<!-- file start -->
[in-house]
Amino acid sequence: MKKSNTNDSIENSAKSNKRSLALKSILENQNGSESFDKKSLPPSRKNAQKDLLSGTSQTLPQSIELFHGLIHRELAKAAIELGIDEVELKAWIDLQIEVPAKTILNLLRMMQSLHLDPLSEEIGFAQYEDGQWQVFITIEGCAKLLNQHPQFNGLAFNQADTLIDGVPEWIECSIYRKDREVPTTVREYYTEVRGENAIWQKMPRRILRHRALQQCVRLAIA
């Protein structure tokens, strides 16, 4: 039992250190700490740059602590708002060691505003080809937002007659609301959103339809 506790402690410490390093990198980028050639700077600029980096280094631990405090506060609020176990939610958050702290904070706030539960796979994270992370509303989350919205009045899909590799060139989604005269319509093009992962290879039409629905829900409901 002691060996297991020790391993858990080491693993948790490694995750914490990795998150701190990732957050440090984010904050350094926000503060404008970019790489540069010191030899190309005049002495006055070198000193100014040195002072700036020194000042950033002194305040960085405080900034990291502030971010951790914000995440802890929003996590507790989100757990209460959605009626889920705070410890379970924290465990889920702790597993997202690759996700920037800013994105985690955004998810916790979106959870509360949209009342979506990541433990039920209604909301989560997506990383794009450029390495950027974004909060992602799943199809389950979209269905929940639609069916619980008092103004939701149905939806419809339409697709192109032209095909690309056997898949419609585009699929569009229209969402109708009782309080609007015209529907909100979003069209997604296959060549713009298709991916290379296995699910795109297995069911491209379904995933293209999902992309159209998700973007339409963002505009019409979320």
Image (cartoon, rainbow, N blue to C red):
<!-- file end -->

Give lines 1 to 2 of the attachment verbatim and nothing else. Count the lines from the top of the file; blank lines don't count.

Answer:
[in-house]
Amino acid sequence: MKKSNTNDSIENSAKSNKRSLALKSILENQNGSESFDKKSLPPSRKNAQKDLLSGTSQTLPQSIELFHGLIHRELAKAAIELGIDEVELKAWIDLQIEVPAKTILNLLRMMQSLHLDPLSEEIGFAQYEDGQWQVFITIEGCAKLLNQHPQFNGLAFNQADTLIDGVPEWIECSIYRKDREVPTTVREYYTEVRGENAIWQKMPRRILRHRALQQCVRLAIA